LOS ANGELES: Kobe Bryant announced that this would be his final NBA season, the 37-year-old Los Angeles Lakers star walking away as one of the greatest legends in basketball history.
The five-time NBA champion, who ranks third in all-time scoring with 32,670 points, on Sunday said in a first-person poem on the Players Tribune website that “this season is all I have left to give.”
Bryant spent his entire 20-season career with the Lakers, the first NBA player to stay so long with the same club.
But Bryant, a member of two Olympic gold medal squads, has been nagged by injuries in recent campaigns and has struggled to find form this season, the Lakers being off to a miserable 2-13 start.
“My body knows it’s time to say goodbye,” Bryant said in his poem, an open love letter to his sport entitled “Dear Basketball”.
NBA commissioner Adam Silver was quick to respond to Bryant’s announcement, the signal that one of the greatest careers in the history of the sport was coming to an end.
“With 17 NBA All-Star selections, an NBA MVP (2008), five NBA championships with the Lakers, two Olympic gold medals and a relentless work ethic, Kobe Bryant is one of the greatest players in the history of our game,” Silver said.
“Whether competing in the NBA Finals or hoisting jump shots after midnight in an empty gym, Kobe has an unconditional love for the game. I join Kobe’s millions of fans around the world in congratulating him on an outstanding NBA career and thank him for so many thrilling memories.”
Bryant artfully crafted his goodbye to the game by hearkening back to his boyhood dreams of playing in the NBA and shooting baskets with socks rolled into a ball.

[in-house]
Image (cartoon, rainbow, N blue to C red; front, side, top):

“You gave a six-year-old boy his Laker dream, And I’ll always love you for it. But I can’t love you obsessively for much longer. This season is all I have left to give,” Bryant wrote.
“My heart can take the pounding, My mind can handle the grind, But my body knows it’s time to say goodbye. And that’s OK. I’m ready to let you go. I want you to know now, So we both can savor every moment we have left together. The good and the bad. We have given each other, All that we have.”
Lakers coach Byron Scott spoke Saturday with Bryant about his decision.
“I thought he at least had another year in him,” Scott said. “It kind of shocked me when he told me. Sad more than anything. Somebody I care about, have a lot of respect for, it’s always hard when greatness like Kobe decides to hang it up.”
Barring injury, Bryant’s final game would be at home against Utah on April 13.
His farewell tour begins Tuesday at Philadelphia, his hometown. It would also include upcoming stops at San Antonio on December 11, at Boston on December 30, January 14 at reigning NBA champion Golden State, February 10 at Cleveland against fellow superstar LeBron James and a March 10 rematch in southern California against the Cavaliers.
“For him to be able to go around to all these cities and them to be able to appreciate him for what he has accomplished is great,” Scott said.
It’s a unique situation for a Lakers team that lost iconic centre Shaquille O’Neal to a departure for Miami and past legend Magic Johnson to his announcement that he had the HIV virus.
“We’re all sad,” Lakers president Jeanie Buss said. “This era of Lakers basketball has been one of the most fun, exciting prosperous eras we could imagine. We’re in full support of him. But it’s still very sad.”
Bryant has averaged 25.4 points, 5.3 rebounds, 4.8 assists and 1.5 steals over 1,280 games.
This season, with the Lakers stripped of much of their supporting cast to bolster Bryant, he is averaging 15.7 points, 4.1 rebounds and 3.4 assists a contest.
Bryant ended his poem to basketball without giving a true hint as to what the future might hold for him.
“We both know, no matter what I do next, I’ll always be that kid, With the rolled up socks, Garbage can in the corner, :05 seconds on the clock, Ball in my hands.
“5 … 4 … 3 … 2 … 1. Love you always, Kobe”